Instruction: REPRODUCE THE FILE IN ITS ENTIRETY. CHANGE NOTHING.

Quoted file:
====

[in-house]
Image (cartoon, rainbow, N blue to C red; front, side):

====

[in-house]
Image (cartoon, rainbow, N blue to C red; front, side):